Recommendations to delegates

It would be beneficial for delegates to familiarise themselves with existing policies and programmes regarding prevalence and prevention of forced labour, such as actions and efforts undertaken by member states individually as well as by SOCHUM and the International Labour Organisation.

In addition, it is crucial for delegates to have proper and thorough understanding of their country’s position on the matter, as well as extant current frameworks and policies in place which combat or encourage forced labour. For example, clauses can include setting up trade unions for employees and providing better education and employment opportunities for the underprivileged to focus on the foundational causes of forced labour.

Delegates are encouraged to research further into the topic, as not all aspects of forced labour are covered within this brief overview. Delegates are welcome to put forward new ideas and clauses to tackle the issue being debated.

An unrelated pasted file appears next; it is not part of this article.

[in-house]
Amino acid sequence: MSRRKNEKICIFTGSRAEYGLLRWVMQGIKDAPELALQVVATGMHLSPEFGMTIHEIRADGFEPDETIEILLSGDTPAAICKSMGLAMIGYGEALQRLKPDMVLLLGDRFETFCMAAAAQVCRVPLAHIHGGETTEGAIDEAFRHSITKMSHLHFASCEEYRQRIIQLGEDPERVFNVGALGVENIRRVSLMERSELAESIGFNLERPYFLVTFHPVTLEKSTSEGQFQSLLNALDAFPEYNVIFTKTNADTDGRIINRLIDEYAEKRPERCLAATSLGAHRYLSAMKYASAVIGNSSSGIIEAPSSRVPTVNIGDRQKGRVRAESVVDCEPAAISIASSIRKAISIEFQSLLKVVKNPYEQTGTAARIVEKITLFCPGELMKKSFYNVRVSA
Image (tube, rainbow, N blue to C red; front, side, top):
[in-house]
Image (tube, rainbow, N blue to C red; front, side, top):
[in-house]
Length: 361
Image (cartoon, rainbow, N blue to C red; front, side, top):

Best of luck!

Further reading & bibliography

https://www.aljazeera.com/economy/2021/7/14/are-your-favourite-fashion-brands-using-forced-labour

https://labs.theguardian.com/unicef-child-labour/

https://www.britannica.com/topic/forced-labour

https://imuna.org/nhsmun/nyc/committees/sochum-social-humanitarian-cultural-committee/

https://www.ilo.org/global/topics/forced-labour/definition/lang–en/index.htm

https://www.un.org/press/en/2018/gashc4244.doc.htm

https://labs.theguardian.com/unicef-child-labour/

https://www.theguardian.com/global-development/2020/jul/23/virtually-entire-fashion-industry-complicit-in-uighur-forced-labour-say-rights-groups-china

https://insideapparel.net/blog/clothing-industry-race-to-the-bottom/